Gender Pay – Gap Reporting
What is the gender pay gap? It is the difference between the average hourly earnings of men and women. Since 2017, under the gender pay gap information regulations large private employers with 250 or more employees have to publish the gender pay gap figures for their employees. Many businesses will be gearing up to publish these figures as they are due by 4 April each year (with the exception of those in the public sector which are due by 31 March).
The reporting obligations apply to the pay of an organisation’s “employees”. However, the definition of an “employee” is not set out under the relevant regulations but the explanatory document to the gender pay regulations states that the wider definition of “employment” under the Equality Act 2010 applies. Employees are defined here in the broadest sense and includes workers and agency workers.
Many hope that the publication of such figures will provide transparency on pay and force businesses to address unequal pay within the organisations. Whilst these reports identify the gender pay gap within organisations it is worth noting that there is no general enforcementor penalty mechanism for failing to comply with gender pay gap reporting obligations, although the Equality and Human Rights Commission has taken steps to request that non-complying businesses fulfil their reporting obligations and has commenced investigations into those who have not complied.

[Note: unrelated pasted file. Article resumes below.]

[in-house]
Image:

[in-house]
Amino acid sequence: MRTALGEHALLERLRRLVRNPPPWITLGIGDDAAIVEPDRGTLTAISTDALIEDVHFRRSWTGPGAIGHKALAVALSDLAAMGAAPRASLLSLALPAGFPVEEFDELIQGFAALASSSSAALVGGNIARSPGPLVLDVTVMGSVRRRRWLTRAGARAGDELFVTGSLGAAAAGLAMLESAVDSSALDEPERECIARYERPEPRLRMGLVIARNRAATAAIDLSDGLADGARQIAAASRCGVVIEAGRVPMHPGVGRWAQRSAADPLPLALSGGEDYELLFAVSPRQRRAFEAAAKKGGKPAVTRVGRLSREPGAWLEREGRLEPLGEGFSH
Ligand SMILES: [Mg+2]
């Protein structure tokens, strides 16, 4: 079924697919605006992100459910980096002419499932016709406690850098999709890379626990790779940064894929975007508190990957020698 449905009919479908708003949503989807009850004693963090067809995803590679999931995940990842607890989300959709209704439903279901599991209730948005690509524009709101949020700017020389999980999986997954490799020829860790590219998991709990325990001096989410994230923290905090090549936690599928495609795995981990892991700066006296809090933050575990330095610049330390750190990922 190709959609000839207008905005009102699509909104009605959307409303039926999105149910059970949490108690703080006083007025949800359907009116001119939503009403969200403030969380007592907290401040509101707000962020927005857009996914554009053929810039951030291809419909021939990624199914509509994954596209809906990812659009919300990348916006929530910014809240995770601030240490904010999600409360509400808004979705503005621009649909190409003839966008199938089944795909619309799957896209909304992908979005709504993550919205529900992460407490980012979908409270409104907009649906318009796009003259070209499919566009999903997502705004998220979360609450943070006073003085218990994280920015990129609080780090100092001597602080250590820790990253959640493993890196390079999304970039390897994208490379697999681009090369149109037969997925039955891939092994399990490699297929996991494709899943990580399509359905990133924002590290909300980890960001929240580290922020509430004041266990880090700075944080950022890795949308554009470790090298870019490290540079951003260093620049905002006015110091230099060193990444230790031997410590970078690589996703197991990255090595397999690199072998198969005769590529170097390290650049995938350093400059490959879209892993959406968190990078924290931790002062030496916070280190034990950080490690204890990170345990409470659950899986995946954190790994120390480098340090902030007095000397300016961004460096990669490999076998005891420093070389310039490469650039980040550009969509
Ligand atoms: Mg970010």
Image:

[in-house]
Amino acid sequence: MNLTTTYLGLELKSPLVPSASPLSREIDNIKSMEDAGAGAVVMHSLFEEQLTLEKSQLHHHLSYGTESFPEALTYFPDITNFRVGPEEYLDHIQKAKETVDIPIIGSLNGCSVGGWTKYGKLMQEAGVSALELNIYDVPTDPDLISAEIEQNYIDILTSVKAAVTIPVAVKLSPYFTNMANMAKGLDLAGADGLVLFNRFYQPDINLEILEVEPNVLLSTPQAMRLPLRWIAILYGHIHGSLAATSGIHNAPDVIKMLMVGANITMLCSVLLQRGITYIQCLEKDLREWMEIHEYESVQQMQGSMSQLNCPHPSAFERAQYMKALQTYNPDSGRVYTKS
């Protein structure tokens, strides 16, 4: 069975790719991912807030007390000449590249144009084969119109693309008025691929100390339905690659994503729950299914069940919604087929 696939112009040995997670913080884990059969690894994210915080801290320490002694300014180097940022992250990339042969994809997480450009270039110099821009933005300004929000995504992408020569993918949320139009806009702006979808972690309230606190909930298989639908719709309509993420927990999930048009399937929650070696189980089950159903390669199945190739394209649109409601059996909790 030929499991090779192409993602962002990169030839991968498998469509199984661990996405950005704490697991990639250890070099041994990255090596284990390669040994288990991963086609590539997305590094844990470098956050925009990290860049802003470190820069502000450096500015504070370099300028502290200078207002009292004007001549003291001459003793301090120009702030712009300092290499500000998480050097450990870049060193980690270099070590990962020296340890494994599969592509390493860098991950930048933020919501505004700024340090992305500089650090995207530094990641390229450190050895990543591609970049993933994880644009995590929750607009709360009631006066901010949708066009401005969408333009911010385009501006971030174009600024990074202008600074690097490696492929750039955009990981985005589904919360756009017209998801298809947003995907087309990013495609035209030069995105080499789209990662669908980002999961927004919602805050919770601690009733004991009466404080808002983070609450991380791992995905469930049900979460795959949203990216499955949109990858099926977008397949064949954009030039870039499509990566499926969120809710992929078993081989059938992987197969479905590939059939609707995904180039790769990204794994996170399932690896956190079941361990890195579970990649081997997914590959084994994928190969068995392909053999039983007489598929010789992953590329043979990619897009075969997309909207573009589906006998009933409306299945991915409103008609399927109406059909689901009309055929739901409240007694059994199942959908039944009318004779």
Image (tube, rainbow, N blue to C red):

What are the implications of identifying a gender pay gap? It remains to be seen if there are any lasting implications for businesses whose reports identify pay gaps, and significantly, large pay gaps. However, persistent significant pay gaps year on year could lead to bad press and detrimentally affect reputation. It may also give rise to questions from employees and damage relations with staff. The published figures are representative of the pay gap but do not necessarily mean that there is a difference in pay between men and women which would give rise to equal pay claims. It therefore remains to be seen whether these reports will have a lasting and positive impact on unequal pay and whether businesses will in fact take steps to address their pay gap when forced to publicly acknowledge the gap.
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Please note the contents of this blog are given for information only and must not be relied upon. Legal advice should always be sought in relation to specific circumstances.
Happy International Womens Day.